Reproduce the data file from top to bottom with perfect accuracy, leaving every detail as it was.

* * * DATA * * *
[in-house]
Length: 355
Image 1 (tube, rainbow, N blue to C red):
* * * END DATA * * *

[in-house]
Length: 355
Image 1 (tube, rainbow, N blue to C red):